Logo Tropentag

Tropentag, September 17 - 19, 2014 in Prague, Czech Republic

"Bridging the gap between increasing knowledge and decreasing resources"

Cocoyam Root Rot Disease Caused by Pythium myriotylum in Nigeria

Feyisara Olorunleke1, Amayana Adiobo2, Joseph T. Onyeka3, Monica Höfte1

1Ghent University, Dept. of Crop Protection: Phytopathology Laboratory, Belgium
2Institute for Agricultural Research for Development (IRAD) Ekona, Biotechnology Laboratory, Cameroon
3National Root Crops Research Institute (NRCRI), Plant Pathology Unit, Nigeria


In Nigeria, Cocoyam (Xanthosoma sagittifolium) is an important staple which besides being a food crop, serves as a major source of income for rural households. Yield losses due to cocoyam root rot disease (CRRD) remains a major constraint to increased cocoyam production in Nigeria. Until now, this disease has been attributed to a pathogen complex including Fusarium solani and Rhizoctonia solani. However, symptoms observed are similar to those caused by the oomycete, Pythium myriotylum on diseased cocoyam plants in Cameroon and Costa Rica. The aim of this study was to determine the primary causal pathogen of CRRD disease in Nigeria. In this study, stunted cocoyam plants with premature leaf yellowing were observed in August 2013 at Umudike, Abia State, Nigeria. Uprooted plants showed nearly non-existent roots which were indicative of the CRRD. Isolations were carried out in the area from roots of plants with flagging symptoms. Two Isolates, NGR02 and NGR03 were obtained, sub-cultured on PDA plates and examined 2-3 days later. Morphology characters of the isolate included a typical powdery appearance following which the mycelium became fluffy after four days. PCR amplification of the internal transcribed spacer (ITS) region of rDNA using ITS5-ITS4 primers were sequenced and analysed using BLASTn query. There was 100% and 99% identity with several P. myriotylum isolates from Cameroon and Costa Rica respectively. To test for pathogenicity of NGR02 and NGR03, three 4mm plugs of a 5-day old plate of P. myriotylum were applied per plant by mixing blended mycelia with volcanic soil. Subsequently, 8-week old tissue culture-derived cocoyam plantlets were transplanted into infected soil while control plants were treated with sterile water. Ten plants were used for each treatment and were maintained at 25°C. After 10 days, all inoculated plants showed typical CRRD symptoms whereas control plants remained healthy. P. myriotylum was consistently re-isolated from root lesions of both isolates. The experiment was repeated three times. To the best of our knowledge, this is the first report of CRRD caused primarily by P. myriotylum in Nigeria. The confirmation of this pathogen is a significant step towards management recommendations for farmers.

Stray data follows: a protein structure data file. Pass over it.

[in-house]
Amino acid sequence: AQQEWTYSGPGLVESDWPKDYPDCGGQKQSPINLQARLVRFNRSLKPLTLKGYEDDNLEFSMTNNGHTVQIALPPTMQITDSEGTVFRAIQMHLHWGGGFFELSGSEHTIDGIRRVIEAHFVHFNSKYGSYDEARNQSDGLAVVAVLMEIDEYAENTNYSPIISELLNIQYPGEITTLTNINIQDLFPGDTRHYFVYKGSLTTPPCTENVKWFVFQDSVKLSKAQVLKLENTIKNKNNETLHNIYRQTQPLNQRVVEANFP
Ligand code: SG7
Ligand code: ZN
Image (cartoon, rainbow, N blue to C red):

Keywords: Pythium myriotylum, root rot, Xanthosoma sagittifolium

Contact Address: Monica Höfte, Ghent University, Dept. of Crop Protection: Phytopathology Laboratory, Coupure Links 653, 9000 Ghent, Belgium, e-mail: monica.hofte@ugent.be

Valid HTML 3.2!